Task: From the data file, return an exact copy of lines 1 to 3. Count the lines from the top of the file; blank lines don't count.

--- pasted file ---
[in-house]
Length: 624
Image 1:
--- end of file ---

[in-house]
Length: 624
Image 1: